Centra neurosurgeon shares view on medical missions with student-doctors
Aside from the impressive accomplishments leading up to his current position as neurosurgeon/medical director at Centra Brain and Spine Institute, Dilantha Ellegala, M.D., also has a passion that mirrors the mission of Liberty University College of Osteopathic Medicine (LUCOM): serving the underserved.
In a presentation to LUCOM student-doctors on Nov. 13, Dr. Ellegala talked about his connection to Tanzania. He visited the East African country following his grueling years as a resident at the University of Virginia.
“If you look at the underserved community, once you leave our borders, it gets worse,” said Dr. Ellegala.
Dr. Ellegala ended up at a Tanzanian hospital in the small town of Haydom. The 450-bed facility serves a population of about two million people. The doctor/patient ratio in that part of the world is 1:50,000.
Wanting to change those numbers, Dr. Ellegala started to take a closer look at the traditional medical missions model that revolves around a short-term visit and focuses on treatment rather than training.
“I would argue to everyone in this room that [a short-term visit] does more harm than good. It’s probably more for our own benefit than the countries where we are going,” said Dr. Ellegala.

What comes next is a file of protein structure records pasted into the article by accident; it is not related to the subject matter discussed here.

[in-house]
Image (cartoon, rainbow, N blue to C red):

In his experience in Tanzania, Dr. Ellegala noticed the involvement of American doctors would often disenfranchise the local health care workers.
“The solution to the problem has existed all along. It isn’t us, the visiting doctors. It’s the local staff,” said Dr. Ellegala.
Dr. Ellegala believes teaching local health care workers helps create a more viable health system in struggling countries like Tanzania. But his model doesn’t stop there. After teaching one person, the next step is teaching that person how teach others.
“Relationships are the key. You have to develop a relationship with the person you are training and with the community you are in,” said Dr. Ellegala. “Only with that relationship can a true transference of knowledge occur.”
Dr. Ellegala and his wife, a pediatrician he met and married while in Tanzania, started a non-profit in the U.S. called Madaktari. Its mission is “to advance medical expertise and care in Tanzania through the training and education of local medical personnel.”
“It’s not just about teaching someone neurosurgery. It’s saying to someone anything is possible. If you can do neurosurgery in a remote hospital, what can you not do?” said Dr. Ellegala.
LUCOM is developing clinical rotation sites for student-doctors and faculty in Guatemala, El Salvador and the Philippines. Part of the goal in establishing the sites is to enhance the work of local physicians in those regions.